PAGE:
If Penn State feels the need to rebound from what most rated as an average recruiting class in 2011, the chance will be there to do it in 2012.
By all accounts, the Nittany Lions' recruiting base is absolutely loaded with terrific juniors. The coaching staff has wasted no time getting started pursuing them, either.
"There are already 18 players they've offered verbally,'' said Phil Grosz, whose been following Penn State recruiting for around 30 years as the publisher of BlueWhite Illustrated and G&W Prep Report. "I never can remember that.''
With more than 20 scholarships estimated to be available, Penn State could bring in a class rivaling its top-five haul in 2006, or, at least, the top-10 showings it had in 2009 and 2010. Of The Sporting News rmagazine list of the top 150 juniors in the country, 18 were from areas that Penn State traditionally recruited well.
"People ask, 'Will it be much better next year?' It really will be,'' FightOnState.com's Cory James said. "With three weeks to go before signing day, they were aggressively recruiting for next year.''
Penn State's positions of biggest emphasis look like they'll be the secondary, running back, defensive tackle and linebacker. Depending on how the situations play out with Rob Bolden and Kevin Newsome, the Lions could bring in multiple quarterbacks, as well.
Three verbal offers are already out there for wide receivers, too - this is the first year schools won't be allowed to send out written offers until the fall.
With four defensive ends among this year's signings, it doesn't seem like that position will be at issue. However, there's a DE in Penn State's backyard who is so good, he's impossible to pass up: Noah Spence.
Spence could be the best defensive end in the country and might contend for top prospect overall.
"They were definitely in on him early,'' Lions247.com's Sean Fitz said. "Larry Johnson has made him a high priority. He's been on campus a couple of times already.''
As for defensive tackles, expect Penn State to sign at least three. Washington's Eddie Goldman might be the top-rated tackle in the country, but, although his coach is Lion cornerback Stephon Morris' uncle, he might be looking to play in the south.
No worries, because there's still a lot out there to help the Lions.
"They picked a great year to need defensive tackles,'' Fitz said. "There are some legit studs.''
Among them are Rochester's Jarron Jones, who Grosz said is like a young Jared Odrick. Speaking of which, Odrick's younger half-brother, Julian Pinnix-Odrick from New Jersey, is another DT in the Lions' sights, as are emerging Hershey sleeper Harold Brantley and Tommy Schutt, a blue-chipper from Illinois who grew up loving Penn State.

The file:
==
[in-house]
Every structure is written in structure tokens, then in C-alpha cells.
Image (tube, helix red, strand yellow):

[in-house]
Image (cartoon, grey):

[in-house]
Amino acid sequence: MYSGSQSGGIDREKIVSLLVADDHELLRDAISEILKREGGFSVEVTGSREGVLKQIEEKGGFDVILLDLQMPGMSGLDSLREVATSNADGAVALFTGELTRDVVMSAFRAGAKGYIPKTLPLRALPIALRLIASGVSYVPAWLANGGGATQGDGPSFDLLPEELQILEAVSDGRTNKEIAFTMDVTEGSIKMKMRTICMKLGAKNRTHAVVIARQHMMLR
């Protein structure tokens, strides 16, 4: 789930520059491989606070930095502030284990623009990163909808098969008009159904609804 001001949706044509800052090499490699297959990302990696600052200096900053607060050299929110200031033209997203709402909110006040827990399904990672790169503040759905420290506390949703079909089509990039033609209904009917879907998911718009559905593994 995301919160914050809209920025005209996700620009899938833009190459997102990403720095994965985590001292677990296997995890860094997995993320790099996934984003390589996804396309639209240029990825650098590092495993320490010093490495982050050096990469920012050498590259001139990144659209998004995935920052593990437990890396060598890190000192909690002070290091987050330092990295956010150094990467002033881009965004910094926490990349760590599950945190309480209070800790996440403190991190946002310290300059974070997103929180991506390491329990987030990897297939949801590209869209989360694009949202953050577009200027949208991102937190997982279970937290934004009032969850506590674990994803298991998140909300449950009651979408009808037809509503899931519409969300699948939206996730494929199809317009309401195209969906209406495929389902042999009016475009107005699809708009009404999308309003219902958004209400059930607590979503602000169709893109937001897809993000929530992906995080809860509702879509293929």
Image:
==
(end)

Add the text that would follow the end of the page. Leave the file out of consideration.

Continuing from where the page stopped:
Massachusetts' Armani Reeves is the Lions' chief early target at cornerback, and he could be a package deal with high school teammate Camren Williams, a linebacker Penn State has offered already. At safety, New York City's Wayne Morgan and McDowell's Greg Garmon have offers.
Garmon also is a possibility at running back, where most think Penn State will try to sign two players. The biggest name there is that of Rushel Shell, the record-shattering tailback from Tony Dorsett and Paul Posluszny's alma mater of Hopewell. Opinions are great divided about the Lions' chances with him, but he is said to have a very good relationship with Tom Bradley.
The Lions' only offer at quarterback so far is to Kentucky's Zeke Pike, but they are rumored to be very high on Maryland's Ian Fisher and Allentown Central Catholic's Brendan Nosovitch, the Pennsylvania Football News 2010 Mr. Football.
"He reminds me of Northwestern's Dan Persa,'' Fitz said of Nosovitch.
Two in-state prospects head the list on the offensive line, Pennsbury's J.J. Denman and Fox Chapel's Adam Bisnowaty, who is now being coached by former Lion Eric Ravotti.
Landing a couple bigger names early could be key, for a couple of reasons.
"It kids start hesitating, questions will arise about Joe Paterno and the future of the program,'' Grosz said. "Jarron Jones loved his unofficial visit. Getting guys like that early could really start momentum.''
If that happens, this might be a class for the ages.
"If they prove the program is stable,'' Fitz said, "it could be a very good year.''